The project can be funded by debt as well as be equity and as well as by combination of both that is debt and equity. As to raise the fund government has issued a short term euro bond at the 6% to collect the funds but at the same time it was overspent on the public services investments in 2013-014 so the corporate defaults were rising. So the motorway should try to fund its project by both ways that one is debt and another is equity.

Q4:- What financial structure would you recommend?

We would recommend the finance structure of mixture of long term debt and equity so that motorway can finance its operation.  The mixture of financial structure directly affects the value and the risk at the company.   The main concern for financial manager for the company is deciding how much money has to be borrowed and what will be the capital structure and how it would be invested.(Lemke, Lins, Hoenig and Rube)

The Facets of Credit Risk Management

Credit risk is not a single monolithic subject, nor is there a single technology solution for managing all aspects of credit risk. At its basic level, credit risk is the potential loss of principal

resulting from a customer’s failure to repay a loan or to meet other contractual credit obligations.

Rather than treating credit risk management as an accounting and reporting exercise, it should be approached as an ongoing dynamic management process grouped at three broad levels:

·         Credit transaction management

·         Credit portfolio management

·         Enterprise credit risk management

Performance of an individual loan or credit facility, and the relationship management process, can extend across one or more of these areas. Also, it is difficult to separate the operational risk (process-related risk) and market risk (e.g., interest rate risk, changes in counterparty creditworthiness, valuation and pricing of securitized credit instruments, and collateral value) from credit risk when managing these processes. All these factors ultimately influence and contribute to risk and performance of credit instruments that an institution originates or purchases. (KhaledMokni, 2011)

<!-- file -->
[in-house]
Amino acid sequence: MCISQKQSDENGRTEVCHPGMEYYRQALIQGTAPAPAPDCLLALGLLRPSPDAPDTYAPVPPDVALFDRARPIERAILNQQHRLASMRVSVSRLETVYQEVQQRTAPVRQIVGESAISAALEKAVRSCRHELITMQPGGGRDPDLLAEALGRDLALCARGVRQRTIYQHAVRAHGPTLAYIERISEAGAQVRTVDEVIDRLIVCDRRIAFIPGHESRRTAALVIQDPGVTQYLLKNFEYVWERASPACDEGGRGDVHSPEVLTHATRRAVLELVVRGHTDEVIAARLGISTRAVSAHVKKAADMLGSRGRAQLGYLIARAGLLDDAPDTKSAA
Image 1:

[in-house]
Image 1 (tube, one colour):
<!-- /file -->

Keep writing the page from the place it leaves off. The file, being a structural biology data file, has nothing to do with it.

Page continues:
Credit risk calculation engines are used in various manners at the transaction, portfolio and enterprise levels to quantify and analyze risk exposures at any point in time. These include metrics such as probability of default (PD), loss given default (LGD), exposure at default (EAD) and other assessments, including the likelihood and effect of potential credit default and the valuation of collateral. These calculation engines are necessary to more effectively relate capital reserves to actual levels of exposure, to quantify capital to absorb unexpected losses, and to quantitatively understand the interdependency of credit and market risk with operational risk exposures.Vuong, Quan Hoang (2014).

5. What addition information or support is required?

If we talk about the other required information we should try to get more information on future planning of motorway project Sylvania. As it will help we to understand the capital need in the future of the company and we can accordingly design the capital structure of the company that what type of capital structure should be used by the company.




  • Lemke, Lins, Hoenig and Rube, Hedge Funds and Other Private Funds: Regulation and Compliance, Chapter 15 (Thomson West, 2014-2015 ed.).
  • Vuong, Quan Hoang (2014). “Operational scales, sources of finance, and firms’ performance: Evidence from Vietnamese longitudinal data”CEB Working Paper Series (N° 14/017). Retrieved on 15 December 2014
  • Myers, Stewart C.; Majluf, Nicholas S. (1984). “Corporate financing and investment decisions when firms have information that investors do not have”. Journal of Financial Economics 13(2): 187–221
  • Kieso, Donald E.; Weygandt, Jerry J. & Warfield, Terry D. (2007). Intermediate Accounting (12th ed.). New York: John Wiley & Sons. p. 738.
  • William Lasher (2010). Practical Financial Management. South-Western College Pub; 6 ed.
  • Virginia Clark, Margaret Reed, Jens Stephan (2010). Using Monte Carlo simulation for a capital budgeting project, Management Accounting Quarterly, Fall, 2010